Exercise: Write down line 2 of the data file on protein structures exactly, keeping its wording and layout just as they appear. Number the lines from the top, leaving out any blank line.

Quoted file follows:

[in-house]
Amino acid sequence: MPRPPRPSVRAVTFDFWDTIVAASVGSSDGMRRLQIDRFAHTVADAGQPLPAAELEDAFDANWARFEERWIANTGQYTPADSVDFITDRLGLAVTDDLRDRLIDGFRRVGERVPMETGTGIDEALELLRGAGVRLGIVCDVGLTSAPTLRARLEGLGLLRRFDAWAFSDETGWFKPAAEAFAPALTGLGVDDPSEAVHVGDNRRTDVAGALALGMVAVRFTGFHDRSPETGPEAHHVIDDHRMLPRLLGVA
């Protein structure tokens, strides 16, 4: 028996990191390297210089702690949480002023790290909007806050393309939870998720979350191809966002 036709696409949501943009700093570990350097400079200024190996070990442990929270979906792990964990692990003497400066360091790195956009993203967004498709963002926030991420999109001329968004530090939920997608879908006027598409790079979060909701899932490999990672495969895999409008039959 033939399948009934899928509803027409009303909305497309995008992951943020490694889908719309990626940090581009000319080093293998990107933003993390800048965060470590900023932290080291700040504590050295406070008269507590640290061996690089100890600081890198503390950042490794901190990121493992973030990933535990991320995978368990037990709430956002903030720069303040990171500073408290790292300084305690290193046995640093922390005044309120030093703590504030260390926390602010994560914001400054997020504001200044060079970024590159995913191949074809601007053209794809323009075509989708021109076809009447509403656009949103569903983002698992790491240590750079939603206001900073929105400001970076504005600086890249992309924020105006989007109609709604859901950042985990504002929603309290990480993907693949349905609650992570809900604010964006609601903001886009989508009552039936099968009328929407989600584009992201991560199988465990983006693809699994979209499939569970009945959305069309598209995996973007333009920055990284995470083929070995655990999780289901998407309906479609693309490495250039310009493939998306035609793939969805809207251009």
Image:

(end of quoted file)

Amino acid sequence: MPRPPRPSVRAVTFDFWDTIVAASVGSSDGMRRLQIDRFAHTVADAGQPLPAAELEDAFDANWARFEERWIANTGQYTPADSVDFITDRLGLAVTDDLRDRLIDGFRRVGERVPMETGTGIDEALELLRGAGVRLGIVCDVGLTSAPTLRARLEGLGLLRRFDAWAFSDETGWFKPAAEAFAPALTGLGVDDPSEAVHVGDNRRTDVAGALALGMVAVRFTGFHDRSPETGPEAHHVIDDHRMLPRLLGVA